Pope Francis reiterates his earlier criticisms of “ideologies that defend the absolute autonomy of the marketplace and financial speculation,” which he blames for the current financial crisis and attributes to an “idolatry of money.”

He emphasizes that the church’s concern for the vulnerable extends to “unborn children, the most defenseless and innocent among us,” whose defense is “closely linked to the defense of each and every other human right.”

“A human being is always sacred and inviolable, in any situation and at every stage of development,” the pope writes, in his strongest statement to date on the subject of abortion. “Once this conviction disappears, so do solid and lasting foundations for the defense of human rights, which would always be subject to the passing whims of the powers that be.”

The pope writes that evangelization entails peacemaking, among other ways through ecumenical and interreligious dialogue. He “humbly” calls on Muslim majority countries to grant religious freedom to Christians, and enjoins Catholics to “avoid hateful generalizations” based on “disconcerting episodes of violent fundamentalism,” since “authentic Islam and the proper reading of the Quran are opposed to every form of violence.”

Pope Francis characteristically directs some of his strongest criticism at his fellow clergy, among other reasons, for what he describes as largely inadequate preaching.

The faithful and “their ordained ministers suffer because of homilies,” he writes: “the laity from having to listen to them and the clergy from having to preach them.”

The pope devotes several pages to suggestions for better homilies, based on careful study of the Scriptures and respect for the principle of brevity.

Pope Francis reaffirms church teaching that only men can be priests, but notes that their “sacramental power” must not be “too closely identified with power in general,” nor “understood as domination”; and he allows for the “possible role of women in decision-making in different areas of the church’s life.”

As he has done in a number of his homilies and public statements, the pope stresses the importance of mercy, particularly with regard to the church’s moral teaching. While lamenting “moral relativism” that paints the church’s teaching on sexuality as unjustly discriminatory, he also warns against overemphasizing certain teachings out of the context of more essential Christian truths.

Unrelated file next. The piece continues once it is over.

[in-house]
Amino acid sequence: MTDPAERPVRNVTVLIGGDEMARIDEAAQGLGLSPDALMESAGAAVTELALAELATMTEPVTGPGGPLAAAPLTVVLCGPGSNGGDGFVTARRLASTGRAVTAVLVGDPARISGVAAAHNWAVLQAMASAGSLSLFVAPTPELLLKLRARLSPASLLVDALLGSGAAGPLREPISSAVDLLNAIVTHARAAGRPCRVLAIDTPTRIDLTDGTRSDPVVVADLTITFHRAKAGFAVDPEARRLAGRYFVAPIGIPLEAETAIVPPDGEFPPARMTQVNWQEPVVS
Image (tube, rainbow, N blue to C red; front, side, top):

In words very close to those he used in an oft-quoted interview with a Jesuit journalist in August, Pope Francis writes that “pastoral ministry in a missionary style is not obsessed with the disjointed transmission of a multitude of doctrines to be insistently imposed,” lest they distract from the Gospel’s primary invitation to “respond to the God of love who saves us.”

Returning to a theme of earlier statements, the pope also warns against “spiritual worldliness, which hides behind the appearance of piety and even love for the church, (but) consists in seeking not the Lord’s glory but human glory and personal well-being,” either through embrace of a “purely subjective faith” or a “narcissistic and authoritarian elitism” that overemphasizes certain rules or a “particular Catholic style from the past.”

Despite his censures and warnings, the pope ends on a hopeful note true to his well-attested devotion to Mary, whom he invokes as the mother of evangelization and “wellspring of happiness for God’s little ones.”


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Vatican letter: Pope Francis will address ‘The Joy of the Gospel’ on Nov. 26


Catholic News Service

VATICAN CITY — With his apostolic exhortation “Evangelii Gaudium” (“The Joy of the Gospel”), which the Vatican has scheduled for publication Nov. 26, Pope Francis finally makes his real debut as papal author.

Popes through the centuries have issued their most important written messages in one of 10 classic forms, ranging from encyclical to “chirograph,” a brief document on a highly limited subject. But most of these are typically formulaic texts that do not express the distinctive voice or charism of the man who issues them.

Pope Francis greets the crowd as he arrives to lead his general audience in St. Peter’s Square at the Vatican Nov. 20. (CNS photo/Paul Haring)